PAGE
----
It was a time capsule, untouched and abandoned for over 70 years. The owner, Mdm De Florian fled to the South of France to escape the ravages of WW2 and never returned. Although she faithfully paid her rent on her Grandmother’s stabilized rental in the 9th arrondisement, she never again saw Paris or the apartment.
But when Mdm de Florian died at the age of 91, just a couple of years ago, the contents had to be auctioned off. When the auctioneer first set eyes on this dust laden, cobweb filled apartment he commented that is was like entering “the apartment of sleeping beauty” where time had stood still since the late 1800’s. A treasure trove of antiques that hadn’t been touched in years. The experts were tasked with drawing up an inventory of her possessions and home in on the flat near the Trinité church in Paris between the Pigalle red light district and Opera.
Entering the untouched, cobweb-filled flat in Paris’ 9th arrondissement, one expert said it was like stumbling into the castle of Sleeping Beauty, where time had stood still since 1900.
The apartment’s demimondaine owner, Mdm. de Florian, was a late 19th Century Parisian beauty and well-known actress and performer of the time. ‘Demimondaines’ were courtesans (high-priced call girls) known for their extravagant lifestyles, provided of course by a string of wealthy and well-known lovers. Their clothing was envied by women in Paris. Even the wealthiest high society matrons could not compete sartorially (after all, they only had one “husband” supplying the goods; the demimondaines had many). Demimondaines were also renowned for drinking, drug use, gambling, and excessive spending (particularly on clothes). Despite their status they remained forever on the outside of society, perhaps the “half-world” designation quite telling of their station.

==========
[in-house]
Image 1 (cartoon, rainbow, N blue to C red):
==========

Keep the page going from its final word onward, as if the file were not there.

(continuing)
Mdm de Florian had hosted many admirers in her apartment, evidenced by their calling cards tucked away in petite drawers. Among them were statesmen of the period and the 72nd prime minister of France, George Clemenceau but there were also more artistic types. Among the centuries-old treasures, it was discovered that “she kept letters from her lovers in little packages wrapped up with ribbons of different colors,” attesting to her long list of admirers. The apartment still had it’s original dry sink and wood stove oven!
The auctioneers were tasked to inventory the complete contents of the apartment to be auctioned. But when the auctioneer’s caught a glimpse of a portrait his heart skipped a beat. It was a fabulous painting of a beautiful woman in a pink muslin dress. The painting was by famed Italian artist Giovanni Boldini painted of the apartments former inhabitant Mdm. Marthe de Florian, the Grandmother of the apartments current late owner.
The auctioneer couldn’t be sure if it was a Boldini as this painting was never documented in the archives of the late painter. However, the auctioneer found a love note scribbled to Mdm de Florian from the accomplished painter and the link was made. “We had the link and I was sure at that moment that it was indeed a very fine Boldini”.
The auction house finally found a reference to the work in a book by the artist’s widow, which said it was painted in 1898 when Miss de Florian was 24. The starting price for the painting was £253,000 but it rocketed as ten bidders vied for the historic work. Finally it went under the hammer for £1.78million, a world record for the artist.
‘It was a magic moment. One could see that the buyer loved the painting; he paid the price of passion,’ said the auctioneer.
Written by Mark LaFleur of The Antique Warehouse, Vancouver.